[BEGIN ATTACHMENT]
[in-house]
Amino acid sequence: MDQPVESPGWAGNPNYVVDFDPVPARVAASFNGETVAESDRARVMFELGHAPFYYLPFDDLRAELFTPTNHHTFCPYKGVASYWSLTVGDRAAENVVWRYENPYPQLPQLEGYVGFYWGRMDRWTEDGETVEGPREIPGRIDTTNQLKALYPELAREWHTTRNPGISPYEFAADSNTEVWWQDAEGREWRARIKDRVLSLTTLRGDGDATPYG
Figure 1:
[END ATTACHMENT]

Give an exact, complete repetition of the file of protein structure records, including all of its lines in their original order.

[in-house]
Amino acid sequence: MDQPVESPGWAGNPNYVVDFDPVPARVAASFNGETVAESDRARVMFELGHAPFYYLPFDDLRAELFTPTNHHTFCPYKGVASYWSLTVGDRAAENVVWRYENPYPQLPQLEGYVGFYWGRMDRWTEDGETVEGPREIPGRIDTTNQLKALYPELAREWHTTRNPGISPYEFAADSNTEVWWQDAEGREWRARIKDRVLSLTTLRGDGDATPYG
Figure 1: